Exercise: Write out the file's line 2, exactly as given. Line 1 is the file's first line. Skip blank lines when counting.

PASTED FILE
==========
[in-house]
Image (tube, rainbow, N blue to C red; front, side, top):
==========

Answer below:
Image (tube, rainbow, N blue to C red; front, side, top):